For the artifact type, I select S3 and select my codepipeline bucket. I also select the relevant role for the service. I select the zip option for artifact packaging and the first computer requirement. (it’s resources are enough for my build)

As you see in our buildspec.yml file, we used some variables. Here, we add them in advanced setting and finally create our AWS CodeBuild project.


  • I create my repo for my docker image using AWS ECR.

  • Since all configurations are ready, I can create our deployment pipeline by using AWS CodePipeline.

I select AWS CodeCommit as source provider, select my repo and branch.

I select AWS CodeBuild as build provider and select my project.

I select AWS Elastic Beanstalk as deployment provider, my application and environment name.

I select the service role and create the pipeline.

As soon as I create it, it starts by pulling the source code and creating the output artifact.

Then it starts to process build step. In this step, AWS CodeBuild will work and create our docker image, push it to AWS ECR and create output artifact.

Let’s see the logs of AWS CodeBuild. (You can also see them in Amazon CloudWatch)

AWS CodeBuild also uses ECS to run our build step. (We had selected AWS managed Ubuntu and Docker runtime)

The build run finished successfully and created the output artifact.

Our docker image with latest tag is ready in our AWS ECR repo.

By the way, our sample application was as below before deployment.

AWS CodePipeline runs the beta step and this will deploy our code to AWS Elastic Beanstalk.

We can see it is deploying.

Deployment is finished successfully.

We can see also the pipeline is succeeded .

If we check our environment URL, we can see our new application is running.

As you can see, we created a fully AWS powered continous delivery pipeline and it works like a charm. As I develop my code and commit it, the pipeline will work and deploy my code to AWS Elastic Beanstalk. If you want you can also read my another post about CD with AWS CodePipeline.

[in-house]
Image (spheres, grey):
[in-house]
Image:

If you have any questions or comments, please feel free to write and don’t forget to share this post please.


AWS Cloud & DevOps Consultant, AWS Certified Solutions Architect, AWS Community Hero

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12 thoughts on “AWS Elastic Beanstalk MultiContainer Docker deployment with AWS CodeBuild

  1. But, is this how people actually implement Docker CI/CD pipelines? I mean, every time a commit is pushed triggering the creation of a new image, the FROM instruction in the Dockerfile has to fetch the base image. And since CodeBuild is stateless, the base image can only live in a remote registry like Docker Hub or ECR. So if the base image is 500MB, that’s 500MB that has to be downloaded on every build.

    How do you manage that?

      1. Alright. I’ve been doing more investigations since and I’ll have to conclude that CodeBuild is optimal for some workflows, but suboptimal for others. Anyway, this was a comprehensive tutorial. Very AWSome blog.

    1. We have pattern to have two codebuilds projects, and two ecr repos. one is the normal build. one is the one-off, expensive (occasionally fetched artifacts).

  2. Getting error in pre_build phase:Error while executing command: $(aws ecr get-login –region $AWS_DEFAULT_REGION). Reason: exit status 255,please suggest me the solution for this and what kind of service roles do i need to attach it with wascodebuild-ecr service role.Thank you.

    1. Hi Shena,

      Can you try with this:

          "Version": "2012-10-17",
          "Statement": [
                  "Effect": "Allow",
                  "Resource": [
                  "Action": [
                  "Effect": "Allow",
                  "Resource": [
                  "Action": [
                  "Effect": "Allow",
                  "Resource": [
                  "Action": [
                  "Effect": "Allow",
                  "Resource": [
                  "Action": [
      1. same issue. Getting error in pre_build phase:Error while executing command: $(aws ecr get-login –region $AWS_DEFAULT_REGION). Reason: exit status 255

        tried to change eu-west-1 to my region, also facing same error

        1. managed to get it to run by granting ECS and EB permission to the role that codebuild uses. release pipeline successful completed, however, unable to access the app via EB URI. not sure if there’s something wrong with the container.

  3. Hi! This blog is really awesome and I successfully executed all the steps.
    I have one questions – Is it possible to deploy different elasticbeanstalk environment in the same ec2 machine using the multi-container docker environment ?
    E.g I have two environment – dev-my-first-project and stg-my-first-project. And I want to deploy the both in same ec2 machine but in different container.